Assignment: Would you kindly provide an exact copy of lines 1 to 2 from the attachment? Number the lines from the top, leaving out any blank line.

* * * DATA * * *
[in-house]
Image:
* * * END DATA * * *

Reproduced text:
[in-house]
Image: